In the Penitentiary, everything you’ve done, all the time that you put in none of that really matters. Of course it can always come back to haunt you. The reality of this existence is that life is cheap and it’s usually your own homeboys that will cash your check.
Red was a skinny, light skinned blood from LA. He wore his hair in corn rows and kept the obligatory prison stubble on his face. Red was in his late 30’s and had the penitentiary “stare” behind his eyes. He was on the tail end of a 16 year bid that he did behind “the wall” the whole time.
With only six months to go until he would once again hit the streets, Red stayed as low key as possible. Since he put in this “work” for the Bloods over the years, the shot caller Big Doug gave him a pass on all the everyday politics that comes in the big house.
Red spent his days sitting in the back of the unit with his chair against the wall. He was short but he wasn’t gonna get caught slippin. Being on point is what got him as far as he has all these years. Hustling cold sodas is all that he did now. A far cry from the dope game he ran in other spots.
He was so far back from everything that you didn’t even know he was there. Just how he wanted it to be. But people will always try you in the Pen.
Sluggs was a young Blood from New Orleans. A stocky dark skinned kid with dreadlocks and gold in his mouth. He was everything your typical down south gang banger was supposed to be.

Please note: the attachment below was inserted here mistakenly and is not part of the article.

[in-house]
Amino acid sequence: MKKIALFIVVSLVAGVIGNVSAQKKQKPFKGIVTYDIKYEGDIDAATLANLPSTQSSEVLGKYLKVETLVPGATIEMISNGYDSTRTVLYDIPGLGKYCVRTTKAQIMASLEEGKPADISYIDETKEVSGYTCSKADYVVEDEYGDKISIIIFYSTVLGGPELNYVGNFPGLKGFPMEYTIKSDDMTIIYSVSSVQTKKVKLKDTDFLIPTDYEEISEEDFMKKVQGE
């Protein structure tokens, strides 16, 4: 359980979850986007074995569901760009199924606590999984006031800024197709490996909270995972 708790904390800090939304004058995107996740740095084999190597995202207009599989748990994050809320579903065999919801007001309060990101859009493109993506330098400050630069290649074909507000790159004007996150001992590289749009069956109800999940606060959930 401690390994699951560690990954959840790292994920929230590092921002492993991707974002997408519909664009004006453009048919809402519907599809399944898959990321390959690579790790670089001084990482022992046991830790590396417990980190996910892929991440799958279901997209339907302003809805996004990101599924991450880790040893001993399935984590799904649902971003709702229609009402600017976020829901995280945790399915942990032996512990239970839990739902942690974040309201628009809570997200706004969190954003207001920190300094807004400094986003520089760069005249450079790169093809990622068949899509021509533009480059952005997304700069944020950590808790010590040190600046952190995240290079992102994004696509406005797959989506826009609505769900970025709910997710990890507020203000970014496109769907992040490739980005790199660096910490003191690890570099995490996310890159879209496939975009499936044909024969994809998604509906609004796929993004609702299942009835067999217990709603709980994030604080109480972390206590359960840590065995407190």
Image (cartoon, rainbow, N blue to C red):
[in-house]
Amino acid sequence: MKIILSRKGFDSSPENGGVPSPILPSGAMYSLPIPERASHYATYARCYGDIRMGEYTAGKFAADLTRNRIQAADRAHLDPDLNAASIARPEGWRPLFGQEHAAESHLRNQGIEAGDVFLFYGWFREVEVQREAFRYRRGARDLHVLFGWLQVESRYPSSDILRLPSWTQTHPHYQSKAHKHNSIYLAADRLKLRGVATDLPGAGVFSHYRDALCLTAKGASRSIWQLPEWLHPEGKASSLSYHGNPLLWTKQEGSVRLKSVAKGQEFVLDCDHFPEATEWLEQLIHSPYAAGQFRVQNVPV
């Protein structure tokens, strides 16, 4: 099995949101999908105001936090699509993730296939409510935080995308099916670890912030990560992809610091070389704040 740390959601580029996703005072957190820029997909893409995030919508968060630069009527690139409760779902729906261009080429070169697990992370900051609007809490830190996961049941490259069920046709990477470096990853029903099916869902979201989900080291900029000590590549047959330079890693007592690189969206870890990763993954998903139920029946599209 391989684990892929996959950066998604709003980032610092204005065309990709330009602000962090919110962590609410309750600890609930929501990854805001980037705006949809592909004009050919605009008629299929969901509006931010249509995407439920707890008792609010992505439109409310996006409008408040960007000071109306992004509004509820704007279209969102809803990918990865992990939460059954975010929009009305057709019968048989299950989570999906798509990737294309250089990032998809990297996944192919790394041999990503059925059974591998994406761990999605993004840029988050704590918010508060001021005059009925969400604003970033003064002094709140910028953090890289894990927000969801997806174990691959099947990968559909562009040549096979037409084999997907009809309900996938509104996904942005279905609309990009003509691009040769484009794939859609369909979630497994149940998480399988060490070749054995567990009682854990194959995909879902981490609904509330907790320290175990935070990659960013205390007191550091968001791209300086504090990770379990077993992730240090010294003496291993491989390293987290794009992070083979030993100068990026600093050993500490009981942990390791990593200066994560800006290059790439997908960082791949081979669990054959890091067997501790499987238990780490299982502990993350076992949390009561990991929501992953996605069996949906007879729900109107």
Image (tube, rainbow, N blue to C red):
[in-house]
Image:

He had three years in on an eight year sentence for crack and guns. Being a Blood, he rode with the gang. It didn’t matter that they were mostly from California and he was from NOLA. You are who you are for better or worse.
There were five Bloods including Red and Sluggs living in the Block. Sluggs was the only one that wasn’t from LA. Being the odd man out he took the brunt of the jokes. So when the rest of them were gone and it was just Red in the unit, he’d get some payback.
Sluggs would pull his chair up beside Reds and talk cash shit. Taking sodas when he wasn’t looking and changing the TV on him. All things that warrant a serious beatdown. But Sluggs knew he could get away with it because Red was just trying to go home. Which is exactly why Red didn’t feed into any of his bullshit. The way he was it, in six months he’d be on the streets of LA.
Even though Red let it slide, the rest of the homies didn’t. They pulled Sluggs up in the block and told him he better chill. When that only lasted for a couple of days, they went to Big Doug and told him the deal.
Big Doug and all the Bloods had a meeting with Sluggs out on the yard. They let it be known that one more incident and Sluggs would be leaving…..leaking holes!
Sluggs, already being the odd man out, was on the spot. He had to walk the line for another five years. That’s a long time to not fuck up, especially when you’re a fuck up. Knowing his days were numbered, he did what usually happens in the Pen. He got his knife.